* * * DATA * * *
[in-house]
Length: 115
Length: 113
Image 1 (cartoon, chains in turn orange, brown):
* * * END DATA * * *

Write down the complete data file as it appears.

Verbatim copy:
[in-house]
Length: 115
Length: 113
Image 1 (cartoon, chains in turn orange, brown):